Felix Baumgartner said he wanted the world to share his view before jumping. This video makes that a possibility.
We watched him free-fall from the edge of space. Now we see it from his perspective.
Red Bull, which sponsored skydiver Felix Baumgartner’s death-defying leap from more than 128,100 feet above Earth, just released a point-of-view video recorded with cameras on his suit earlier this week to honor the space-diving project’s anniversary.
“You can see the blackness of space. Then the purple-violet gets lighter and lighter until it’s an aqua blue and then a pale blue. It’s cool to see that transition,” Jonathan Clark, the Red Bull Stratos medical director, told the Daily News.
Baumgartner, at the age of 43, ascended 128,177.5 feet above Earth in a helium balloon and let go. He reached 843.6 mph, breaking the sound barrier before parachuting to the ground on Oct. 14 last year.
“Could you survive going through the sound barrier without an aircraft?” Clark said. “We were pretty sure he could survive, but it was right at the limit of survival … we still had doubts until he did it.”
Red Bull via YouTube
The new clip show’s Baumgartner’s plunge to Earth from his perspective, thanks to cameras placed on his suit.
The mission was exactly 65 years after pilot Chuck Yeager first broke the sound barrier in a rocket powered airplane. But Baumgartner did one better – he reached Mach 1.25.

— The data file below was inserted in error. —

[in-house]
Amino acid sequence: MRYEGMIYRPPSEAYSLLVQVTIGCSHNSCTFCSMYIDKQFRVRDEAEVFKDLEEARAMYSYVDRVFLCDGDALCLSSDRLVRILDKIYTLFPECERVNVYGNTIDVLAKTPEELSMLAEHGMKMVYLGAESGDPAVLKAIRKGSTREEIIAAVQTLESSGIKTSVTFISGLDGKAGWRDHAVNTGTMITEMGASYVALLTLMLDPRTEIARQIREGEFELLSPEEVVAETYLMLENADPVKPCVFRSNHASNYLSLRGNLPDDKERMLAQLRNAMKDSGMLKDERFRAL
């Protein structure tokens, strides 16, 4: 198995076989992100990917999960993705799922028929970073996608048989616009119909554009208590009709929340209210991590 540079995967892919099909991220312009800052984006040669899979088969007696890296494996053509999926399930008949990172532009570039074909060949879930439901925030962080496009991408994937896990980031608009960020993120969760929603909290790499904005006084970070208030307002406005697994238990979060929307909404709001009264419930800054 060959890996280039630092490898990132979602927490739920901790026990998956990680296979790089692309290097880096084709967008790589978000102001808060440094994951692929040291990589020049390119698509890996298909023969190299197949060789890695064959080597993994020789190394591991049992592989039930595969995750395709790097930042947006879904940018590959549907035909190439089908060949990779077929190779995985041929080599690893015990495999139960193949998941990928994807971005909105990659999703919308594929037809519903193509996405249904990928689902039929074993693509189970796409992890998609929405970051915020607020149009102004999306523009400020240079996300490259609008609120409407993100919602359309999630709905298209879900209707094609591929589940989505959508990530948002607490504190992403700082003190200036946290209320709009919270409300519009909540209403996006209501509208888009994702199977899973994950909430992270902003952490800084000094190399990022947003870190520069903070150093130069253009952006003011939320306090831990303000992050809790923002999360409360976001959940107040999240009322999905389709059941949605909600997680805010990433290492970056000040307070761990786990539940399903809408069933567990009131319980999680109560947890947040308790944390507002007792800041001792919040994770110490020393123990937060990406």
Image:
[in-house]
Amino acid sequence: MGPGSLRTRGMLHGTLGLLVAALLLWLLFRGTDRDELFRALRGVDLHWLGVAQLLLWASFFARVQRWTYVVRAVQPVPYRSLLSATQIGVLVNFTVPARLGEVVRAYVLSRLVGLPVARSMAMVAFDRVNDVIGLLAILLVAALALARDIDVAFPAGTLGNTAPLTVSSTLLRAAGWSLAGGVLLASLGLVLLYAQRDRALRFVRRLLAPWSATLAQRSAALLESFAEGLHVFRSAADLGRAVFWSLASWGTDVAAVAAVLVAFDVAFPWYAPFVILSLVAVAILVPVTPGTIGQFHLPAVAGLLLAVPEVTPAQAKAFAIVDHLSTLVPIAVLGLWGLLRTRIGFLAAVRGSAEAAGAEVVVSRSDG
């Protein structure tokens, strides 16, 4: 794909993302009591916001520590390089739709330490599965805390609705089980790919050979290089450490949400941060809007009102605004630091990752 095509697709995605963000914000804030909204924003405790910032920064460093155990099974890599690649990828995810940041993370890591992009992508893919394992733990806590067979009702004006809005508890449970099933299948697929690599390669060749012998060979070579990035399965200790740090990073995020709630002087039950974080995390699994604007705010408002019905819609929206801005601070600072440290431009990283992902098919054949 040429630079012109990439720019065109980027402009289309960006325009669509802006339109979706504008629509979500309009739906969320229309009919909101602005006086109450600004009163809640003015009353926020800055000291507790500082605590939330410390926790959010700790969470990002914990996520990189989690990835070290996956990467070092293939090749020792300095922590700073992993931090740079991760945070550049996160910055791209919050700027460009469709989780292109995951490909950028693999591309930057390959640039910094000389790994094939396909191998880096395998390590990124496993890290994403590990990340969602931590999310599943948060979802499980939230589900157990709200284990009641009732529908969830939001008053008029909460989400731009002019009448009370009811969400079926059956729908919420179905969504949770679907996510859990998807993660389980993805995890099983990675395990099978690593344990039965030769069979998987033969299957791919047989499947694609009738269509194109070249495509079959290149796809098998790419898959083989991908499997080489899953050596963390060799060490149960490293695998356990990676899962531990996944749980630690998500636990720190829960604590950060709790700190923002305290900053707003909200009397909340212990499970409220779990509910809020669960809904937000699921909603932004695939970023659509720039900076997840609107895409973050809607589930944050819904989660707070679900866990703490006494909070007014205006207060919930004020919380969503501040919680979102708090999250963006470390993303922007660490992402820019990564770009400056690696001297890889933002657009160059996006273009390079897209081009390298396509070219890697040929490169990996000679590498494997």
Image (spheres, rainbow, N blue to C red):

“Felix truly went supersonic, he didn’t just go through the sound barrier, he went supersonic,” said Clark.
He also broke world records for highest free-fall and highest manned balloon flight.
The trip back to Earth lasted 9:09 minutes. He was in free-fall for 4:22 minutes when he released his parachute.
Red Bull via YouTube
New video shows all the sights and sounds from the daredevil’s incredible jump from space.
Red Bull Stratos was designed to improve scientific understanding of how our bodies react to such extreme conditions. Clark, who spent 26 years with the U.S. Navy before joining NASA, signed onto the project to help establish new protocols to protect future astronauts and aviators.
“When we did this, we were facing a 50% mortality rate,” Clark said. “In other words, half the people who tried this died.”
Five years of preparation went into the mission. Just before Baumgartner leaped, he said, “I know the whole world is watching now and I wish the world could see what I see.”
Now, with this video, we can.
On a mobile device? Watch the video here.